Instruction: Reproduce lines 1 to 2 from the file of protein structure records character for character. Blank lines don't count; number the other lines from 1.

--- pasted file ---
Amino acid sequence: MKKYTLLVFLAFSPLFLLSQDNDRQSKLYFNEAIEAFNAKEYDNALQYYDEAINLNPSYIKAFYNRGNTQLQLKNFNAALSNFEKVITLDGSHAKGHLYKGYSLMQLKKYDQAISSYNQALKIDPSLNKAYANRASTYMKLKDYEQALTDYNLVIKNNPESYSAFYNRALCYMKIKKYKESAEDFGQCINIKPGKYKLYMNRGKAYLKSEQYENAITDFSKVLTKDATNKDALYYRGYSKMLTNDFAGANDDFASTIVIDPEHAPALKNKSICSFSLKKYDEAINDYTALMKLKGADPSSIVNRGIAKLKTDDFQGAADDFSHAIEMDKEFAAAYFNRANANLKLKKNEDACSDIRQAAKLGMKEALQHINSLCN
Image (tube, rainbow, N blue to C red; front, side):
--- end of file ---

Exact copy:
Amino acid sequence: MKKYTLLVFLAFSPLFLLSQDNDRQSKLYFNEAIEAFNAKEYDNALQYYDEAINLNPSYIKAFYNRGNTQLQLKNFNAALSNFEKVITLDGSHAKGHLYKGYSLMQLKKYDQAISSYNQALKIDPSLNKAYANRASTYMKLKDYEQALTDYNLVIKNNPESYSAFYNRALCYMKIKKYKESAEDFGQCINIKPGKYKLYMNRGKAYLKSEQYENAITDFSKVLTKDATNKDALYYRGYSKMLTNDFAGANDDFASTIVIDPEHAPALKNKSICSFSLKKYDEAINDYTALMKLKGADPSSIVNRGIAKLKTDDFQGAADDFSHAIEMDKEFAAAYFNRANANLKLKKNEDACSDIRQAAKLGMKEALQHINSLCN
Image (tube, rainbow, N blue to C red; front, side):